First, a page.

Academic journal article Journal of Accountancy

FASB Issues Statement on Asset Impairment

Academic journal article Journal of Accountancy

FASB Issues Statement on Asset Impairment

Article excerpt

The Financial Accounting Standards Board has issued Statement no. 121, Accounting for the Impairment of Long-Lived Assets and for Long-Lived Assets to Be Disposed Of, which provides guidance for determining whether there is an impairment loss. The statement applies to financial statements for fiscal years beginning after December 15, 1995.

According to FASB practice fellow Carmen Bailey, "The conceptual model in the exposure draft of this statement has not changed, although some additional guidance is given, based on comments the board received concerning treatment of leased assets, real estate companies and not-for-profit organizations." The statement requires that assets and certain identifiable intangibles to be held and used must be reviewed for impairment whenever there is an indication that the carrying amount of a given asset may not be recoverable.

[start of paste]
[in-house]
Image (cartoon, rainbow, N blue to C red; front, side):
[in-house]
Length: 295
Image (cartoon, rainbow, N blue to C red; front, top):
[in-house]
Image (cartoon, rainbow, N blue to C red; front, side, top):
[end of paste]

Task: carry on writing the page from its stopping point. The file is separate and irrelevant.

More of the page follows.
"An entity will have to estimate future cash flows expected to result from using the asset and its eventual disposition. If the sum of the expected future cash flows (undiscounted and without interest charges) is less than the carrying amount of the asset, there is an impairment loss. That loss is measured by the difference between the asset's fair value and its carrying amount," said Bailey.

Assets to be disposed of, with certain exceptions, will be reported at the lower of cost or fair value less the cost to sell the asset. The statement also requires that a rate-regulated enterprise recognize an impairment for the amount of costs excluded when a regulator excludes all or part of a cost from the enterprise's rate base.

Statement no. 121 should improve financial reporting by making it easier to compare one entity's response to economic or other forces with another entity's response, the board added. …

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